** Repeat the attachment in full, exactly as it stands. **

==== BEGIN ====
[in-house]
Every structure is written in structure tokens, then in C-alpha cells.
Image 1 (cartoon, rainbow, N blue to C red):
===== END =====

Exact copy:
[in-house]
Every structure is written in structure tokens, then in C-alpha cells.
Image 1 (cartoon, rainbow, N blue to C red):